Brian Golden

The Paraclete refers to the third person of the Blessed Trinity, the Holy Spirit.

It may be tougher to depict the Holy Spirit than it is to explain the Blessed Trinity.

But if there was ever a holy spirit at Paraclete High School, it was Andy Gavel.

Gavel epitomized the Spirit at Paraclete. 

He was a metaphor for it.

It is the cruelest of ironies that a heart attack took Coach Gav from us far too soon last Thursday.

There are very few people who ever drew breath in this Valley who had bigger, deeper and warmer hearts than Andy Gavel.

Gavel spent 36 years in Catholic education at Bishop Amat High School in La Puente,  at Crespi Carmelite high in Encino, and of course, at Paraclete.

Andy loooooooooooved basketball.

But he loved kids even more.

And he loved the Lord most of all.

He arrived in the Valley the same year I did, in 1982.

Those were the times when Catholic institutions dotted the power structure of College Basketball  — Georgetown, St. John’s. Notre Dame, Providence, Villanova, Seton Hall.

Andy aspired to follow in the footsteps of Lou Carnesecca at St. John’s, Rick Pitino at Providence and Digger Phelps at Notre Dame, among others.

But he could never quite bring himself to put himself ahead of others.

He didn’t have the all-too-often ego toxic gene that marks so many familiar names in College Basketball.

There was something the greatest basketball coach/athletic director of them all said that stuck with Andy Gavel from the time he heard it as a young boy.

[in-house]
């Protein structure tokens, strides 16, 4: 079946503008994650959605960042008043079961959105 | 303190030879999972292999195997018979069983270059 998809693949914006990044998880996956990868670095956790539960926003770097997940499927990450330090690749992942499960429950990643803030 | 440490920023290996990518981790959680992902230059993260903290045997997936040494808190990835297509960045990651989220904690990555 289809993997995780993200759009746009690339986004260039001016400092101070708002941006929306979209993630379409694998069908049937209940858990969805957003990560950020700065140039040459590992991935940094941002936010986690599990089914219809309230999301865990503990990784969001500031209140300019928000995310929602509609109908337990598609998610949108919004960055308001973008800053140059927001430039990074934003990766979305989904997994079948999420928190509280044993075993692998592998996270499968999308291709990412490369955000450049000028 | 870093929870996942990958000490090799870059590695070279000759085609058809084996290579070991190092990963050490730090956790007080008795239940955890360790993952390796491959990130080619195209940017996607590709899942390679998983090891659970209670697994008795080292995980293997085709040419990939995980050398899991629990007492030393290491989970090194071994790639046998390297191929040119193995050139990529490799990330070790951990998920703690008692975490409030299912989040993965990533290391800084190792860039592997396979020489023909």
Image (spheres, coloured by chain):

It was the gospel of service to others. Not self-indulgence.

Andy Gavel’s footsteps were often the last ones out of Paraclete Gym, or the Brent Carder Marauder Stadium, the home of Paraclete football.

The folks at Crespi discrerned Gav’s gifts for organization, dedication and inspiration.

For two years he part of the high-profile landscape of interscholastic sports.

But his heart never left Paraclete.

Coach Gav wasn’t the coolest guy on the PHS campus. Most certainly, he wasn’t the hippest.

What he was, was an unshakeable Gibraltar of the creed and faith that every bit as much the foundation of the Catholic Church as the day Jesus Christ handed to keys to the kingdom to his right-hand man, St. Peter.

Andy Gavel never bought the popular modern nonsense that they’re the Ten Suggestions, not the Ten Commandments.

The kids who played for Gavel way back when, the ones who are now parents and in some cases grandparents themselves, live lives that testify to the blessings of the discipline Andy Gavel preached unrelentingly.

Funny thing about hip and trendy types.

When crunch time comes, they’re mostly nowhere to be found.

But when someone needed a ride to practice, or extra time on the practice field or basketball court, it was always Andy Gavel who had the time that was needed.

To be sure, Andy found it easier to frown than smile. The glass was always half-empty, not half-full.

But when the temptation came to put his own comfort and convenience ahead of those of his students, that’s when the smile fought its way across his face.

That’s when he poured from a seemingly bottomless goblet of caring.

Paraclete’s spirit left this life on his own terms.

He’d had a stent inserted to aid his heart.

Coach Gavel had just obtained permission from his doctor to go back to work.

To resume blessing the current generation of Paraclete students.

“I’m going back to work!” we can envision him declaring aloud as headed for the elevator that ended up taking him to Heaven.

Back at work is where we’ll always remember Andy Gavel.

In our broken hearts.

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